Iranian women are truly second class citizens. As pointed out recently by the UN’s Report of the Secretary-General on the situation of human rights in the Islamic Republic of Iran (UN Doc. A/63/459 October 2008):

'The penal and civil laws contain discriminatory provisions that are in urgent need of reform.'

The Global Campaign to Stop Killing and Stoning Women (http://www.stop-stoning.org/home1) have also stated:

'In the Iranian Penal Code, a married woman has no right to divorce, a privilege which is reserved for the husband. Women have no custody rights over their children after age seven; as a result, women who can obtain a divorce by proving their husbands are either abusive or an addict, choose not to do so fearing the loss of their children. A man can marry up to four wives simultaneously, and may establish a sexual relationship with any other single woman through a temporary marriage without the requirements of marriage registration, ceremony, or obligation to any possible child that may result. In addition, a woman is legally obliged to submit to her husband‟s sexual demands and do her best to satisfy him sexually. Hence if a man is sexually unsatisfied or in an unhappy relationship, he has many avenues open to him to dissolve the marriage and/or satisfy his sexual needs in a temporary “marriage.” However, these legal options are denied to Iranian women, and a woman seeking alternative intimate relationships is, in the eyes of the law, “committing adultery.”'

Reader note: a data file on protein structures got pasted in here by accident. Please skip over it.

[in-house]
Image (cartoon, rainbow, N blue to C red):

Under the Iranian Penal code this discrimination begins early. The age of criminal responsibility for boys is 14 and three months whereas for girls it is 8 years and nine months.

It is an irony of fact that on the 21 April 2010 Iran was elected to the United Nations Economic and Social Council’s (ECOSOC) Commission on the Status of Women(CSW). I am not certain however that Iran, even as part of the General Assembly’s recent unanimous vote on 2 July 2010 to establish the new body the UN Entity for Gender Equality and the Empowerment of Women (http://www.unwomen.org/) to be known as UN Women, will fully support the organizations avowed aim of “achievement of equality between women and men as partners and beneficiaries of development, human rights, humanitarian action and peace and security.”

In a reply to a ECOSOC’s CSW questionnaire sent to all member states designed to evaluate a 15 year review of the implementation of the Bejing Declaration and Platform for Action (1995) the Islamic Republic of Iran, in a report drafted in 2008 by the Centre for Women and Family Affairs in Tehran declared that,